[14] In at least two States there is a specific statute which states that "[t]he essential guilt of rape consists in the outrage to the person and feelings of the female" (Okla Stats Ann, tit 21, § 1113; Idaho Code Ann, § 18-6103).


[15] See Plas v State, 598 P2d 966 (Alaska); People v Henry, 131 Cal App 82; State v Books, 225 NW2d 322 (Iowa); City of Duluth v Sarette, 283 NW2d 533 (Minn); Tom & Jerry v Nebraska Liq. Control Comm., 183 Neb 410; State v Fowler, 193 NC 290; State v McLeary, 65 NC App 174, affd 311 NC 397; State v Burgun, 49 Ohio App 2d 112; State v Watkins, 259 SC 285, vacated on other grounds 413 US 905; Matter of Tullos, 541 SW2d 167 (Tex Crim App).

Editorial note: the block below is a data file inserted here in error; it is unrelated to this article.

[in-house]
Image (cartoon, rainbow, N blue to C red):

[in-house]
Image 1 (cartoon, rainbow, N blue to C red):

[16] We note also that in the decision previously discussed which found a rational basis for the marital exemption, People v Brown (632 P2d 1025 [Col]), the court stated that if it did find that the exemption was unconstitutional it would strike just the exemption and leave intact the sexual assault statute which would then cover all persons (id., at p 1027).


Annotated Case Information

January 28, 2017

"People v. Liberta"

Author Stats

Jeannie Suk

Harvard University